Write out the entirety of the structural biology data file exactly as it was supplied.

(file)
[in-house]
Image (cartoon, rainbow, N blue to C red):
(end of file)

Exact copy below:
[in-house]
Image (cartoon, rainbow, N blue to C red):